Getting hit by a car doesn’t usually end well. But when you only weigh 9 grams (about a third of an ounce) you can get lucky. At the end of April an Orange-crowned Warbler (Oreothlypis celata)* was found in the middle of the street near downtown Eureka. Dazed and confused, the small bird, most likely hit by a car, would have been run down again if not for his rescuer. Once brought to Humboldt Wildlife Care Center, she was already beginning to recover. Given a mild anti-inflammatory medicine, soon she was flying inside her patient housing. After 24 hours of observation, she was her old self. We returned her to Eureka where chances are good she’s in the middle of keeping eggs warm. We’re sure her partner was glad to have her back.
Out of the box and back in the game! Orange-crowned Warbler gets while the getting is good!
It is estimated that cars kill between 90 million and 340 million birds each year in the United States alone. This number doesn’t include possible secondary deaths caused back at the nest when a parent bird doesn’t return with food forever. Who knows how many young nestlings die each Spring, starving in their nest.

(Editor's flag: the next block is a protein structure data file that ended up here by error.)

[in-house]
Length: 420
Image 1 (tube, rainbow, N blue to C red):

At this time of year most adult birds in the Northern Hemisphere are very busy finding mates, building nests, brooding eggs and raising their young. While car fatalities can sometimes be unavoidable, increased awareness of our wild neighbors and consideration for their lives can go a long way toward keeping wild families together.
When an adult is rescued at this time of year, we don’t know how many lives might actually be saved. Your support helps keep our doors open. Your support provided a second chance for this Warbler and for all of our patients. Thank you!
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*Correction: This story was originally posted incorrectly identifying this bird as a Wilson’s Warbler. Sorry!
photos: Bird Ally X/Laura Corsiglia